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China Trade, English Market, ca. 1760–70

Among the many descriptors used to designate men’s at-home dressing gowns in the eighteenth century, the term banyan—referring to Hindu traders—clearly alludes to its Eastern source and context. Although loose gowns appear in European paintings and household accounts in the sixteenth century, their popularity rose dramatically after the formation of the East India Companies in the early seventeenth century. Merchants imported both ready-made examples as well as exotically patterned cottons and silks that were subsequently tailored into easy fitting garments by “Indian gown makers.” Throughout the eighteenth century, whether truly of Eastern origin or inspired by oriental prototypes, banyans were a well-established component of the masculine wardrobe, and provided a comfortable alternative to the heavy and often restrictive clothing worn in public. Attired in a gown, cap and slippers, a gentleman could engage in leisurely activities and informally receive friends and trades people. Banyans were often depicted in portraits of artists, writers and philosophes, as well as those who wished to present themselves in intellectual pursuits.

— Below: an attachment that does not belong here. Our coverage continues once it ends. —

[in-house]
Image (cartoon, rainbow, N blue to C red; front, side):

In addition to the perennially fashionable T-shaped gowns based on Japanese kimonos, more structured styles were derived from Persian and Turkish dress. Combining Eastern and Western elements, this sapphire-blue silk satin banyan in pristine condition epitomizes masculine sartorial elegance of the mid-century. Professionally made, it is quilted to shape with an allover diamond pattern. The fitted body has a narrow band collar stiffened with rows of quilting and fastens to the right, an Eastern feature; the loops of the double-breasted closure were also common in Asian styles. Fully buttoned with its long, flared skirts, the banyan presents a decidedly Eastern appearance. The fronts can also be buttoned back, creating dramatic, wide lapels which reveal the blue taffeta lining and attached, matching waistcoat that provides additional warmth.

This splendid banyan is identical in color, fabric and style to one in the Brighton Museum, UK (C002338.1), dating between 1760 and 1770 and worn by Captain William Fernell (1720-1770) of Rotherhithe (southeast London), Commander of the East India Company ship, the Valentine. The width and selvedges of the satin indicate a Chinese manufacture, while the cotton interlining and the cut suggest that the piece was made up in India. This example is also nearly identical to a quilted blue satin banyan in the Victoria & Albert Museum, London (655A-1898), and relates to another blue silk gown in the Royal Ontario Museum, Toronto (968.173.2).

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Quilted Silk Satin Banyan

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